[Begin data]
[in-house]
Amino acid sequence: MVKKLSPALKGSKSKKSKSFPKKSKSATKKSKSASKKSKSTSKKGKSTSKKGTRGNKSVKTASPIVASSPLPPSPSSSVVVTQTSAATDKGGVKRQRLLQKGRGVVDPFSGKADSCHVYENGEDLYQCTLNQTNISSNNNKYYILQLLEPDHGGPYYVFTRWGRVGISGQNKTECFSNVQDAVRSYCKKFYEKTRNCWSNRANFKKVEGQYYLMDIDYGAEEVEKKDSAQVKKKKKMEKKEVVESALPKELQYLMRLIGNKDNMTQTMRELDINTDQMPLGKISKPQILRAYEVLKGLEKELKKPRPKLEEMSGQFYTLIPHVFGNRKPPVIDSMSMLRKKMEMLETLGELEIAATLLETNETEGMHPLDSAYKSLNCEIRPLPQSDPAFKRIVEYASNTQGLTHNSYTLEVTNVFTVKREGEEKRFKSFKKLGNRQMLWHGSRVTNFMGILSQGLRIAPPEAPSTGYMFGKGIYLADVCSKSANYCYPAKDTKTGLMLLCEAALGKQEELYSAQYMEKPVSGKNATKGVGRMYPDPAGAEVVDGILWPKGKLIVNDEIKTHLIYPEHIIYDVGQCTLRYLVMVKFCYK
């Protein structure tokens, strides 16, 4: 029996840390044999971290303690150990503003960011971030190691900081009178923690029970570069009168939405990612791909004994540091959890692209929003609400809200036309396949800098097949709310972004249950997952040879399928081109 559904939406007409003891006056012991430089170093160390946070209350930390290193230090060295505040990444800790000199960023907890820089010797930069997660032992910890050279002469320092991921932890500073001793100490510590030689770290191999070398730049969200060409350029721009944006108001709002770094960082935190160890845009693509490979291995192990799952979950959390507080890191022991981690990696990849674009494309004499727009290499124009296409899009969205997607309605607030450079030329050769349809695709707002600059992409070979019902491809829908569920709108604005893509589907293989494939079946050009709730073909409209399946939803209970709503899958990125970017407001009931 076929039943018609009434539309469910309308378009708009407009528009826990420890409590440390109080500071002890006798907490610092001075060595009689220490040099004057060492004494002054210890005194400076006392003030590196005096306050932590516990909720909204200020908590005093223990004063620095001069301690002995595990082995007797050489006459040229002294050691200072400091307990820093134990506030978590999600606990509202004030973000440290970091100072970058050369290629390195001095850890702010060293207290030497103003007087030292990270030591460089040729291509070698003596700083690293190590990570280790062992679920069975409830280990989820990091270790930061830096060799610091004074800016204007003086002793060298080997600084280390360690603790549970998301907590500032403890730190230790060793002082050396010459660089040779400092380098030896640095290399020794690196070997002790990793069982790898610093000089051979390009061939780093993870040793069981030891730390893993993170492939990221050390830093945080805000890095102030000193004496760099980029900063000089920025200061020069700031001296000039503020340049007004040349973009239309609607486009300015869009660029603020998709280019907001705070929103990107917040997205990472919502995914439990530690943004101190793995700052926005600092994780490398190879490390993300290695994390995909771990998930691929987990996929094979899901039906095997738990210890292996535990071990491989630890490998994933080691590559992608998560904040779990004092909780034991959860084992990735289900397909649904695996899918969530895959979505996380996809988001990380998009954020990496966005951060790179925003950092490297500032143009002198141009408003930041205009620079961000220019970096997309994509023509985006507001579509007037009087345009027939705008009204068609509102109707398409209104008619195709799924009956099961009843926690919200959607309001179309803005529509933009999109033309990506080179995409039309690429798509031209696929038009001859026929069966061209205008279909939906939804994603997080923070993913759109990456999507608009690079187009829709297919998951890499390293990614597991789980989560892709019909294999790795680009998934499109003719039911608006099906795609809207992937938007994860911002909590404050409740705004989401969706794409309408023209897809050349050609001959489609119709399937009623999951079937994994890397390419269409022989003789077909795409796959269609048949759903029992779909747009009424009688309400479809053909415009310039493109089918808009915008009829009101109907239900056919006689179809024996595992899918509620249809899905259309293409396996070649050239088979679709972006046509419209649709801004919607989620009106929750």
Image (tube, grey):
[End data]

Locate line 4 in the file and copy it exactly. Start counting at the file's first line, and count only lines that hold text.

Image (tube, grey):